With a passion for marketing, business and people, and a recognized expert in data-driven marketing and brand engagement, Maria talks to Business Chief about her new role, her leadership style and what success means to her.
You've recently moved from IBM to Kyndryl, joining as CMO. Tell us about this exciting new role?
I’m Chief Marketing Officer for Kyndryl, the independent company that will be created following the separation from IBM of its Managed Infrastructure Services business, expected to occur by the end of 2021. My role is to plan, develop, and execute Kyndryl's marketing and advertising initiatives. This includes building a company culture and brand identity on which we base our marketing and advertising strategy.
We have an amazing opportunity ahead at Kyndryl to create a company brand that will stand apart in the market by leading with our people first. Once we are an independent company, each Kyndryl employee will advance the vital systems that power human progress. Our people are devoted, restless, empathetic, and anticipatory – key qualities needed as we build on existing customer relationships and cultivate new ones. Our people are at the heart of this business and I am deeply hopeful and excited for our future.
What experiences have helped prepare you for this new opportunity?
I’ve had a very rich and diverse career history at IBM that has lasted 25+ years. I started out in sales but landed explored opportunities at IBM in different roles, business units, geographies, and functions. Marketing and business are my passions and I landed on Marketing because it allowed me to utilize both my left and right brain, bringing together art and science. In college, I was no tonly a business major, but an art major. I love marketing because I can leverage my extensive knowledge of business, while also being able to think openly and creatively.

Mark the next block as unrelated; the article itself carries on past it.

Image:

The opportunities I was given during my time at IBM and my natural curiosity have led me to the path I’m on now and there’s no better next career step than a once-in-a-lifetime-opportunity to help launch a company. The core of my role at Kyndryl is to create a culture centered on our people and growing up in my career at IBM has allowed me to see first-hand how to prioritize people and ensure they are at the heart of progress in everything Kyndryl will do.
How would you describe your leadership style?
I believe that people aren't your greatest assets, they are your only assets. My platform and background for leadership has always been grounded in authenticity to who I am and centered on diversity and inclusion. I immigrated to the US from Chile when I was 10 years old and so I know the power and beauty that comes from leaning into what makes you different from other people, and that's what I want every person in my marketing organization to feel – the value in bringing their most authentic self to work every day. The way our employees feel when they show up for themselves authentically is how they will also show up for our customers, and strong relationships drive growth.
I think this is especially true in light of a world forever changed by the pandemic. Living through such an unprecedented time has reinforced that we are all humans. We can't lead or care for one another without empathy and I think leaders everywhere have been reminded of this.
What’s the best leadership advice you’ve received?
When I was growing up as an immigrant in North Carolina, I often wanted to be just like everyone else. But my mother always told me: Be unique, be memorable – you have an authentic view and experience of the world that no one else will ever have, so don't try to be anyone else but you.
What does success look like to you?
I think the concept of success is multi-faceted. From a career perspective, being in a job where you're respected and appreciated, and where you can see how your contributions are providing value by motivating your teams to be better – that's success! From a personal perspective, there is no greater accomplishment than investing in the next generation. I love mentoring younger professionals – they are the future. I want my legacy as a leader to include providing value in work culture, but also in leaving a personal impact on the lives of professionals who will carry the workforce forward. Finding a position in life with a job and company that offers me a chance at all of that is what success looks like to me.
What advice would you give to your younger self just starting out in the industry?
I've always been a naturally curious person and it's easy for me to over-commit to projects that pique my interest. I've learned over years of practice how to manage that, so to my younger self I’d say… prioritize the things that are most important, and then become amazing at those things.